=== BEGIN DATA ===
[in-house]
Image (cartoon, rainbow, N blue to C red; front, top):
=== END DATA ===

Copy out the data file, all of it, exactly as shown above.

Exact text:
[in-house]
Image (cartoon, rainbow, N blue to C red; front, top):